The Watch Dog receiver is controlled through a USB (serial) port. As a serial device, it is very easy to connect and control in a variety of ways. This extensive interface is referred to as the Watch Dog’s “Serial API.” Documentation can be found at

The Watch Dog’s serial interface makes it ideally suited for automating with Python. We were able to the write the Python program in about two hours. Having access to previously developed Python code made the task even easier.

Our Python program,, is available free. You may adapt it to fit your specific needs.


We used a Raspberry Pi 3 Model B with a fresh install of Raspbian OS, but just about any Raspberry Pi should do. The Raspberry Pi was powered using a portable battery-based USB power supply.

The Watch Dog and sound card were connected to the Pi via two of its four main USB 2.0 connectors. An 1/8” male to 1/8” male stereo audio cable connected the Watch Dog’s “Headphone” jack to the “Microphone” jack on the USB sound card.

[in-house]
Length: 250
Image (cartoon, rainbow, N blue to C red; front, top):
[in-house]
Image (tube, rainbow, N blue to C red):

The first step in getting running is to find the Watch Dog’s serial port in the Pi. Run the following Linux command on the Pi to determine this:

1. dmesg | grep tty

Look for a line containing a message like USB ACM device. Copy down the full tty value – For example, ttyACM0 – for a later step.

Next, run the following two commands on the Pi to install some prerequisite software. Note the spaces, but watch the wrap:

2. sudo apt-get install python-dev libportaudio0 libportaudio2 libportaudiocpp0 portaudio19-dev

3. sudo pip install pyaudio

4. Now, install the program directly into the Pi from our GitHub repository:

5. Open up the program in your favorite text editor and change the following parameters:

a. FREQ – This is the primary frequency to monitor, in MHz. For example, 89.1.

b. MIN_SNR – This is the minimum acceptable SNR, in dB. For example, 10. If the SNR drops below this value then the setup will begin record-ing interference measurements and audio samples and continue to do so until the SNR returns to this level or higher.

c. POLL_SECS – This is how often the program will query the Watch Dog via its serial interface to get the latest SNR reading. Leaving this at the default value of 2 seconds should be fine for most uses.

d. WATCH_DOG_PORT – Put in the value that you found above in Step 1. For example, if the value you found was “/dev/ttyACM1” then you would
change the value of WATCH_DOG_PORT to: /dev/ttyACM1.